If you get a message like this, delete it and ignore it.  This is just the latest email scam going around, but due to its selatious nature, it’s garnering a lot of concern.

The following is an email alert the Onepath, my employer, put out earlier today on this matter.  There are some prudent recommendations in this message, to help maintain your online safety.  Stay Safe Online!

Onepath Alert

We have become aware of a new scam making the rounds that we want to alert you to.  You or your colleagues may receive an email that includes a password that you may currently use or have used in the past. This email may make reference to you having visited an adult web site or that the hacker sending the email may have installed malicious software on your computer. In some instances, the email may also state that the hacker has activated your webcam and captured video of you. The email will ask you to pay a ransom, in Bitcoin, to avoid any embarrassing information about you being leaked to your contact list. Rest assured that this is a scam. At this point in time, Onepath is not aware of this being a valid threat.

Research suggests that this is just the latest type of automated email scam that seeks to scare the recipient in to making a payment. Onepath urges you to never make payments to hackers as a result of an email like this. Multiple security researchers feel that the password emailed to you was obtained from a database of hacked passwords that were obtained from one of the large hacks that have taken place over the last several years. In other words, this is not a current threat. That said, we still recommend you do the following, to help ensure that your accounts are as safe as possible:

  1. Do not use the same password across multiple online accounts.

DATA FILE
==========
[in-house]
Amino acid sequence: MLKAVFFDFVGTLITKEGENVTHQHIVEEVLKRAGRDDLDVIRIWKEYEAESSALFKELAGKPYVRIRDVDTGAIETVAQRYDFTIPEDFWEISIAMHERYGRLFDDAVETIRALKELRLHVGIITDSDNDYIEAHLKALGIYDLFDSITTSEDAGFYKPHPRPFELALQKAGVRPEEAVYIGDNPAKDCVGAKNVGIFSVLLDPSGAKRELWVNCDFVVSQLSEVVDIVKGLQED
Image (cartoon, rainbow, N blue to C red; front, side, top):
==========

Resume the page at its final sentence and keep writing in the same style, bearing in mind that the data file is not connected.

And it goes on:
2. Instead of a password, consider using a passphrase, a collection of words and make them complex, replacing letters with numbers and symbols and mixing upper and lower case.
  3. Where you can, enable two factor authentication to further protect your account.
  4. Consider use of a password manager to make managing your online accounts a bit easier and more secure.

Onepath recommends that our clients have an information security game plan that focuses on the following:

  1. Take steps to protect your company, customers and suppliers data.
  2. Regularly discuss data protection and system access with your employees.
  3. Implement incremental steps to mitigate data breach and system access risk in your environment.

Your Onepath Client Engagement Manager can help evaluate your present security posture and recommend testing and training solutions to help your employees maintain a proactive defense against many threats. Onepath’s Information Security Division also provides a full suite of services that can assist you with the development of a more complete security game plan. If you have any further questions please contact your Client Engagement Manager.


A Labor of Love


If you regularly follow my blog, you know I love technology.  You know that I also post an occassional personal thought and in this post, I’m combining both.

My wife Jennifer Shoer is a professional genealogist.  Her business, Reconnecting Relatives, helps answer questions that families have been asking for generations and reconnects lost family members with one another.  This is her labor of love, as technology is mine.  The most important thing I do, is support her research and be sure her technology is always doing what she needs it to do.

Technology has had a huge impact on the world of genealogical research.  The digitization of centuries of records, some becoming available for the first time since the end of the Cold Way, has revolutionized this research and lead to discovers that have impact beyond words.